Forensic Teams Work to Identify Remains of American POWs Killed in Tokyo Firebombing During World War II

Lead isotope data architect with Defense POW/MIA Accounting Agency.
Michellei Fisher, Defense POW/MIA Accounting Agency (DPAA) lead isotope data architect, weighs casework samples for analysis at a DPAA facility on Joint Base Pearl Harbor-Hickam, Hawaii, May 6, 2024. The DPAA laboratory is the largest and most diverse skeletal identification laboratory in the world and is staffed by more than 150 anthropologists, archaeologists, forensic odontologists and support personnel. (Jonathan McElderry/U.S. Air Force)

Dozens of American military prisoners of war died in Tokyo amid the U.S. firebombing of Japan as World War II reached a crescendo in the Pacific, and later their commingled remains were buried in the Philippines.

Now, Pentagon researchers are working to identify those airmen, decades after their tragic end in the Japanese prison housing captured U.S. troops.

In Hawaii, the Defense POW/MIA Accounting Agency has launched the Tokyo Prison Fire Project, which is analyzing the burnt and mixed remains exhumed from the Philippines. Teams are working with a list of 62 service members killed at the prison compiled from reports of Japanese personnel and the memories of some U.S. POWs who were transferred to other prison camps before the fire.

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The difficult task of working with historical records and deteriorating remains is in the early stages -- the outcome is still uncertain -- but the project has opened a window into the past and shed light on the long-ago deaths of service members killed in the U.S. push for a Japanese surrender during the last world war.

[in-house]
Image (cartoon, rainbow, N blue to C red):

On the night of March 9, 1945, the 62 U.S airmen held at the Tokyo Military Prison were among the survivors in what was by some estimates the single most devastating air raid ever conducted, surpassing in destructive power the later atomic bombings of Hiroshima and Nagasaki.

In what was called "Operation Meetinghouse," more than 275 B-29 Superfortress bombers hit Tokyo with 1,667 tons of incendiaries -- mostly 500-pound E46 cluster bombs, with each bomb containing 38 M69 bomblets filled with napalm that was in turn ignited by white phosphorus.

"The chosen areas were saturated. Fifteen square miles of Tokyo's most densely populated area were burned to the ground" in the firestorm that incinerated the wood and paper houses of the city and killed an estimated 80,000 to 100,000 people, according to the 1946 U.S. Strategic Bombing Survey on the Pacific war ordered up by President Harry S. Truman.

The prison holding the 62 American POWs -- all of them B-29 crew members who were captured when their planes were shot down -- escaped damage, but Army Air Forces Maj. Gen. Curtis "Bombs Away" LeMay and the XXI Bomber Command were not done with Tokyo.